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Pilot Mental Health – the Big Picture Part 3

by Dave Fielding BALPA’s Welfare Representative

Part III – Resilience and where it fits into Peer Support

If you have been reading the previous parts of this blog, it will come as no surprise that I am a big fan of Archbishop Desmond Tutu’s famous saying:

“There comes a point where we need to stop just pulling people out of the river. We need to go upstream and find out why they’re falling in.”

Without doubt, there has been amazing work done in the Peer Support field in the past few years, aided by strong legislation from EASA. Given that there were very few Pilot Peer Support Programmes (PPSPs) in Europe, and none in the UK, prior to the Germanwings crash, it is understandable that the focus for programmes was initially on the serious end of the help spectrum. What is starting to happen now as the PPSPs are becoming embedded in airline culture, however, is that the number of cases these programmes handle is growing at a steady rate (notwithstanding the emotional rollercoaster of Covid-19) but also the type of cases coming in is widening.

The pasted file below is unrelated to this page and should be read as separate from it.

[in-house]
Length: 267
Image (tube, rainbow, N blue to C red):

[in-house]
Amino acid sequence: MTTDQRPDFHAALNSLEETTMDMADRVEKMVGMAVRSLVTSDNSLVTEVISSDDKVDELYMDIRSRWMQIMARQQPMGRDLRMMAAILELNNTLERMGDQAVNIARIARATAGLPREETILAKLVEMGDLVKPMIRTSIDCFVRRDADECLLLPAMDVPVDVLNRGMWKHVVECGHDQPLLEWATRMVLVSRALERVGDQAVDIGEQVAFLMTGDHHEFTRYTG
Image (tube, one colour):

This is a healthy sign of maturing programmes, as the workforces trusts them more and more to provide help with an ever-increasing range of personal issues. It does raise a number of points though, such as how do you train Peers to deal with all of these types of calls on limited training time? To answer this will need another blog on its own, but in a nutshell we mirror the competency evidence-based training we now use in the sim and train Peer competencies rather than how to handle a specific issue such as depression or anxiety.

The other point of interest is the gradual widening of focus away from the acute and reactive situations and towards more proactive measures designed to help pilots help themselves without the need for an external input. This is actually an extension of what happens already with the normal support process: for example, a particularly effective method of treatment used by psychologists is Cognitive Behavioural Therapy (CBT), which gives the pilot mental tools to be able to turn negative thoughts into positive ones.